In contrast to green tea, which skips the oxidation process, black tea is produced using five steps - withering, rolling, oxidation, drying/firing, and sorting. The health benefits of black tea have been well known by cultures around the world for centuries. According to the USDA, health benefits of black tea include beneficial lowering of "bad" cholesterol levels which can help to reduce the risk of heart disease. In addition, the presence of flavonoids in black tea are similar to those found in green tea. Flavonoids are natural compounds, similar to vitamins that cause platelets to become less likely to clot. One study noted that flavonoids in black tea actually resulted in a lower risk of stroke in more than 500 men. Another study noted that during 15 years of follow up there was a 73% lower risk of stroke in men who consumed large doses black tea, compared to men who consumed little or no black tea.
Studies indicate that black tea can also be helpful in lowering the risk of cancer. Researchers in Australia have found that tea can be beneficial in fighting skin cancer. This study indicated that in clinical trials on mice there was a 54% reduction in skin cancer. The results of these studies have led researchers to theorize that the antioxidants in black tea might also be instrumental in fighting other forms of cancer, as well as in slowing down the aging process.
Other health benefits of black tea include stabilization of blood pressure. Furthermore, black tea has been shown to relieve respiratory problems, such as expanding the airways in asthmatics. Individuals who are considered to be light smokers might even be able to reduce their risk of lung cancer by drinking black tea.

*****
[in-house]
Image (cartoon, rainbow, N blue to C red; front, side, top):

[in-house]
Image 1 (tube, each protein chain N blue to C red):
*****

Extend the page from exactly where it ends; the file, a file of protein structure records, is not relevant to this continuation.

Health benefits of red tea
Red tea, or Rooibos, is grown primarily in South Africa. It is during the ripening process that it attains its reddish brown color - hence the name Rooibos, or "red bush". Like green tea, rooibos is high in vitamins, minerals, and antioxidants, whose benefits have been described above. Rooibos also contains an anti-spasmodic, which helps to relieve stomach upset. Rooibos is high in iron, is caffeine-free, and it can relieve heartburn and nausea. In Africa, babies are given Rooibos to relieve colic. It produces an aromatic, naturally sweet beverage.
What about decaffeinated tea?
There are a number of ways to decaffeinate tea when they are not naturally caffeine-free (like red tea). They are; steam distillation, ethyl acetate, and carbon dioxide (CO2). Each method impacts differently on the amount of caffeine (and antioxidants) removed. Check with your tea manufacturer to see which one they use; not all methods are created equal.
No doubt, the many benefits of tea drinking will continue to unfold. A recent study showed that when milk is added, the heart-healthy antioxidant effects are minimized. Therefore, those who wish to maximize the health benefits of tea may wish to drink it without milk.
Study Shows Tea Consumption Lowers Blood Cholesterol https://www.ars.usda.gov/news-events/news/research-news/2003/study-shows-tea-consumption-lowers-blood-cholesterol/ (Archived USDA page)